# Cryo-EM Map Anisotropy Can Be Attenuated by Map Post-Processing and a New Method for Its Estimation

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## Abstract

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## 1. Introduction

## 2. Results and Discussion

#### 2.1. Common Map Anisotropy Metrics Are Affected by the Shape of the Specimen

#### 2.2. New Anisotropy Method Results

#### 2.3. Nonlinear Post-Processing Methods Can Attenuate Map Anisotropy

## 3. Materials and Methods

#### 3.1. Datasets

#### 3.1.1. Artificial Anisotropy

#### 3.1.2. Experimental Maps

#### 3.2. FSC-3D Calculation

#### 3.3. New Anisotropy Method

#### 3.4. Map Post-Processing

#### 3.5. Map Visualisation

## 4. Conclusions

## Supplementary Materials

## Author Contributions

## Funding

## Institutional Review Board Statement

## Informed Consent Statement

## Data Availability Statement

## Acknowledgments

## Conflicts of Interest

## References

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**Figure 1.**3D-FSC apparent anisotropy induced by the macromolecule shape. Each row shows an experimental cryo-EM map EMD-8910 (

**a**), EMD-29350 (

**b**) and EMD-13202 (

**c**) and corresponding slices of Fourier amplitudes along $z=0,y=0\mathrm{and}x=0$ Fourier planes. The black circles indicate a resolution of 4.0 Å. The colorbar represents Fourier amplitude values at Fourier slices.

**Figure 2.**Results obtained for the simulation of the soluble portion of the small influenza hemagglutinin (HA) trimer by the 3D-FSC [6] (

**a**), the efficiency [3] (

**b**), MonoDir [8] (

**c**–

**e**) and the approach proposed in this manuscript (

**f**). Note that in (

**f**) the colorbar represents the noise power of the noise masked map along different directions given by the elevation and azimuth angles and normalized by the value at the direction providing maximum noise power. Contrary to what it is expected for a perfectly isotropic map, the 3D-FSC per-cone standard deviation (

**a**) is not zero, the histogram (

**b**) of resolution per angle is not narrow and the different planes of local-directional resolution computed with MonoDir are not at the same values. On the contrary, our approach shows almost constant values near 0.95. Consequently, all the studied methods except our proposed approach consider that the resolution of the ideal simulated volume is anisotropic.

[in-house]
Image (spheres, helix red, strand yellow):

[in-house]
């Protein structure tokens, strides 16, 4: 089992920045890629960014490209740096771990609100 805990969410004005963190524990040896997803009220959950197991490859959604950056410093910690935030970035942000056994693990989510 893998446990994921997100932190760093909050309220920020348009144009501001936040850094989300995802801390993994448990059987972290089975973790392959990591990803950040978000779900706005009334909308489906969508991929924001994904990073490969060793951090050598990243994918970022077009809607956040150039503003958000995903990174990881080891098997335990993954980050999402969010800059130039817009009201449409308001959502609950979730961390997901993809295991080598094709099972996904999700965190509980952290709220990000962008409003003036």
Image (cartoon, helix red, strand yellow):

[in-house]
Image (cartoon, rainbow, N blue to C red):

**Figure 3.**Results obtained by the proposed method for experimental maps obtained from untilted (

**a**) and 40° tilted single particles of the influenza hemagglutinin (HA) trimer (

**b**). The particle angular distribution as obtained by Relion is shown in (

**c**) as counts per orientation or as the logarithm of the counts in (

**e**), as reflected in the colorbar. The same plots are shown in (

**d**,

**f**) for the tilted case. The colorbars in (

**a**,

**b**) represent the noise power of the noise masked map along different directions given by the elevation and azimuth angles and normalized by the value at the direction providing maximum noise power. The elevations and azimuths are given in radians. The region selected in the black box in (

**a**,

**b**) corresponds to the whole plots in (

**c**–

**f**). The results obtained by the 3D FSC method are shown in (

**g**,

**h**) for the untilted and 40° tilted cases, respectively.

**Figure 4.**Results obtained for reconstructions of the β-galactosidase complex (EMPIAR-10061), consisting of a standard reconstruction of the β-galactosidase at 3.15 Å and two reconstructions in which anisotropy was artificially induced by removing 95% of the particles assigned to tilt angles above 80° or 70° (side views). The first row shows the results obtained by the proposed method. The black rectangles in the figures correspond to the regions shown in the 2D particle angular distributions displayed in the second (particle count) and third (logarithm of the particle count) rows. The colorbars represent the noise power of the noise masked map along different directions given by the elevation and azimuth angles and normalized by the value at the direction providing maximum noise power. The region selected in the black box in the top row corresponds to the whole plots in the other rows.

**Figure 5.**Per-cone FSC (map to model) standard deviation (

**top**) and mean (

**bottom**) calculated with 3D-FSC for three different versions of the β-galactosidase complex: reconstructed with all particles (

**left**) and reconstructed with 95% of the particles with tilt angle >80° (

**middle**) and >70° (